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A Raw Look at Harvard’s Affirmative Action For White Kids

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A few days ago a team of researchers published a paper about Harvard’s admission policies. In particular, they looked at affirmative action for four different categories of freshman admits: athletes, legacies, “dean’s interest,” and children of faculty. These are referred to as ALDC admits.

The question at hand is how many applicants who were otherwise unqualified were admitted because of their ALDC status. This is usually shown as a percentage or a distribution, but I think it’s useful to show it as a raw number too. For those who want to follow along, here’s an example for white applicants taken from Table 10 of the paper:

  • Total ALDC admits: 2,179
  • Percent who were otherwise qualified: 26%
  • Number of unqualified applicants who were admitted as ALDC: 1,612

Here are the numbers for all applicants:

It turns out that more than 40 percent of Harvard’s incoming white students from the classes of 2014-19 benefited from their ALDC status compared to about 15 percent for other ethnic groups. As a result, 1,612 otherwise unqualified whites were admitted, triple the number of every other group combined.

Keep this in mind the next time you hear someone complain about affirmative action for black or Hispanic students crowding out better qualified white students. Whatever sort of affirmative action Harvard may have for marginalized groups, the raw numbers come nowhere even close to the preferences they already give to white applicants. And needless to say, there’s no reason to think that Harvard is unique in this regard. This is standard stuff at elite universities across the country. If there’s anyone being screwed by affirmative action, it sure isn’t white kids.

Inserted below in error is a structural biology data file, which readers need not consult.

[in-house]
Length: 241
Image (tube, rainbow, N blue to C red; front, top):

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istoner
21 days ago
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Near Miss

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https://commons.wikimedia.org/wiki/File:Eupodotis_cristata_-_1820-1860_-_Print_-_Iconographia_Zoologica_-_Special_Collections_University_of_Amsterdam_-_UBA01_IZ17200037.tif

I just bumbled into this: In 1978 Isaac Asimov judged a limerick contest run by Mohegan Community College in Norwich, Conn. He chose this as the best of 12,000 entries:

The bustard’s an exquisite fowl,
With minimal reason to growl:
He escapes what would be
Illegitimacy
By grace of a fortunate vowel.

It was written by retired Yale official George D. Vaill. Asimov said, “The idea is very clever and made me laugh, and the one-word fourth line is delightful.”